Black (And Blue) Berry: Supreme Court Rejects RIM Appeal
January 24, 2006 at 9:42 AM (PT)
BLACKBERRY maker RESEARCH IN MOTION's (RIM) appeal of a copyright infringement judgement has been dealt a setback, as the SUPREME COURT has refused to hear the company's appeal. The decision could potentially lead to a shutdown of BLACKBERRY service, according to CNET.
Patent-holding company NTP and RIM have been battling for years over the rights to the technology used to power the popular BLACKBERRY devices. NTP won a patent infringement lawsuit against RIM in 2001, and in 2003, a U.S. District Judge granted an injunction against RIM to halt U.S. sales of the BLACKBERRY device and its service, but stayed the injunction, pending RIM's appeals.
In 2004, CNET reported that the Court of Appeals for the Federal Circuit rejected RIM's contention that it wasn't infringing on NTP's patents because a critical piece of the BlackBerry service was located in Canada. leading to RIM's petition to the SUPREME COURT. Following this new setback, the company will turn its efforts to the U.S. district court in VIRGINIA, which, according to CNET, seems ready to move forward with the injunction.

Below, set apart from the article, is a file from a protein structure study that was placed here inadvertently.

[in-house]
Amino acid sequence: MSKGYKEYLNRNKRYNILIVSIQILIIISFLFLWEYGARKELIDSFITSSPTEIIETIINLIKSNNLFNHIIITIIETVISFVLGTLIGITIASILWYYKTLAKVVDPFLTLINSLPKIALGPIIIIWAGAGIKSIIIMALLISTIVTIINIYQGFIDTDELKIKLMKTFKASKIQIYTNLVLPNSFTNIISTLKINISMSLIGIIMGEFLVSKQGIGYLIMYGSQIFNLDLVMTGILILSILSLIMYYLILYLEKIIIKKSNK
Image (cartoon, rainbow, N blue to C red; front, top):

NTP has proposed that the injunction include a 30-day "grace period" for BLACKBERRY customers, and an exemption for government users, as well as emergency first-responders, who would still receive service. RIM responded that it would be "difficult, if not impossible" to cut service to some customers while maintaining it for the government. The company says that it has a software "workaround" to skirt the patents in question, but it also has argued that an injunction would still be disruptive to customers because implementing the workaround requires reloading software on servers and handhelds.
Many WALL STREET analysts doubt that a BLACKBERRY outage will occur, as there is hope that NTP and RIM can reach an agreement. CNET reports that negociations continue between the two sides. RIM offered to pay NTP $450 million last year, but NTP rejected the offer.